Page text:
Intelligent OneOfficeIf someone called you "back office", I'd imagine you'd be a little bit offended.  It's probably not much worse than being called "useless", or "about to be automated out of existence"...

But I have good news for you back-office rebels - your time spent festering in the backend of yonder is finally coming to an end. Why?  Because the onset of digital and emerging automation solutions, coupled with the dire need to access meaningful data in real-time, is forcing the back and middle to support the customer experience needs of the front.

Our soon-to-be released study on achieving Intelligent Operations, which canvassed 371 major buyside enterprises, reveals two key dynamics that are unifying the front, middle and back offices:

  1. A "customer first mindset" is the leading business driver driving operations strategies.  Over half of upper management (51%) view their customers' experiences as impacting sourcing model change and strategy, which is placing the relevance and value of the back office in the spotlight.
  2. Three quarters of enterprises (75%) claim digital is having a radical impact. We can debate the meaning and relevance of digital forever, but the bottom line is that enterprise leaders need to (be seen) to have a digital strategy - and a support function which can facilitate these digital interactions and data needs. The old barriers where staff in the back office don't need to think and merely oversee operational process delivery, and those in the middle, which only venture a part of the way to aligning processes to customer needs, are fading away.

Consequently, we're evolving to an era where there is only "OneOffice" that matters anymore,

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Posted in: 2016 Intelligent Ops StudyAnalytics and Big DataBusiness Process Outsourcing (BPO)

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Buyers perceive Accenture, Deloitte and KPMG as the most trusted consultants for achieving Intelligent Operations

May 06, 2016 | Phil Fersht

john-lylyIn 1588, the English dramatist John Lyly, in his Euphues and his England, wrote:

"...As neere is Fancie to Beautie, as the pricke to the Rose, as the stalke to the rynde, as the earth to the roote."

In other words, "Beauty is in the eye of the Beholder", which just about sums up how buyers perceive consultants when they need some serious rethinking and rewiring done to their operations to make them more intelligent:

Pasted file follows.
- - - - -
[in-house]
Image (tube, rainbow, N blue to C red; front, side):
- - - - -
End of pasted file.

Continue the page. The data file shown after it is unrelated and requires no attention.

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So what's actually surprising here?

In the past, you may have expected to see the pureplay strategy houses rule the roost, however, when we break down the Change Management and Solution Ideals enterprises need to achieve more Intelligent Operations, the focus shifts much more to using consultants with real change management, process transformation, analytics and automation chops... this is less about strategy, and more about just driving through the changes. Most company leaders know where they want to go - it's now more about executing a plan to get there:

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The Bottom-line: We're moving to a world where the expertise enterprises need to be successful is really changing 

One of the above firms asked me recently if it should start an automation practice.  My response was "If you're only asking me this now, then you're already too late to the game".  In a nutshell, enterprise operations functions need genuine expertise in adopting a mindset to write off their legacy systems and obsolete processes - and a real understanding of how to approach automation and embrace digital opportunities.

A lot of this is about prioritizing what not to automate and learning where digital transformation actually makes business sense. This is about creating an operations function that can pivot and support the rapid changing needs of the front office with actionable data, that is secure and available in real-time.  This is about defining and devising a digital strategy that has the customer at the forefront of the business and an operational support function that has the customer experience at its core.

Hence, consultants need talent that can not only think creatively with their clients, but also create an ongoing environment for writing off legacy, embracing change and being smart and proactive about leveraging automation and real digital strategies effectively. The speed at which some of these advisors must make the pivot from merely brokering transactional contracts, or spouting off some high level fluffy strategy, to supporting real change is critical - I'd imagine we'll know in the next 9-12 months which ones will genuinely be helping their clients achieve these ambitious ideals.

Posted in: 2016 Intelligent Ops StudyBusiness Process Outsourcing (BPO)Design Thinking

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Rescuing BPO from its trough of directionless boredom: Make jobs challenging and creative

April 17, 2016 | Phil Fersht

Bored BPO CatWhen your enterprise is increasingly dependent on hiring "Millennials" with digital skills and lower wage needs, you'd better figure out a plan for creating exciting, challenging career paths, or you're pretty much already doomed.